This content is for informational purposes only
Trantolo & Trantolo is not currently accepting cases for this lawsuit. Please check in the future for any updates.
Many parents agree that it’s difficult to get a child to take a pill. In response, Daytrana, a patch that delivers a dose of an ADHD drug, proved to be a success.
Known as a methylphenidate transdermal system, Daytrana is said to increase a child’s attention while decreasing restlessness. The patch, applied to the hip and worn 9 hours per day, gives the right dose needed to control the condition.
Yet, a recent FDA warning shows that Daytrana has serious side effects. Particularly, reports link it with chemical leukoderma, a condition resulting in permanent loss of skin color due to chemical exposure.
The FDA approved Daytrana in 2006. However, during its first four years on the market, the patches went through 10 recalls. Two more followed after 2010.
It proved to be a popular drug, with about 100,000 to 135,000 prescriptions dispensed per year since 2010.
Yet, in more recent years, manufacturer Shire faced a lawsuit from the Department of Justice over its marketing materials. The company claimed, without substantiated evidence, that patients were less likely to abuse Daytrana than Adderall. In response, the company paid $60 million, most of which went to state and federal governments.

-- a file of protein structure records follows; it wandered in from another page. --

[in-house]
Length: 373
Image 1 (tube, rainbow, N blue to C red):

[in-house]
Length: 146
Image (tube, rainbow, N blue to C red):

In June 2015, the FDA put out its warning concerning its link to chemical leukoderma. The organization’s database showed that, between 2006 and 2014, 51 cases involved patients developing permanent discoloration at the patch site and on other areas of the body. The splotches went up to eight inches in diameter and emerged any time from two months to four years after starting Daytrana.
While the FDA didn’t take Daytrana off the market, it recommended:
- Watching for new areas where the skin changes color, particularly in young children.
- To rotate the patch daily, using different areas on both hips.
Along with these concerns, data has linked Daytrana use with developing psychiatric disorders, cardiovascular issues, and priapism, in which a patient develops a long-lasting and painful erection. In 2013, the FDA issued a safety communication about this latter point, stating that, because of this concern, Daytrana is dangerous for children and, if treatment is delayed, could result in permanent erectile dysfunction.
While chemical leukoderma doesn’t affect any areas aside from the skin’s appearance, patients have felt self conscious, embarrassed, and stressed as a result. Because the spot remains a permanent white or light color, the patient has no other options but to cover up the area.
Stemming from the condition’s permanence, patients and their families have started filing lawsuits against Shire. If you took Daytrana, only to have a similar experience, it’s time to hold the manufacturer accountable for its negligence.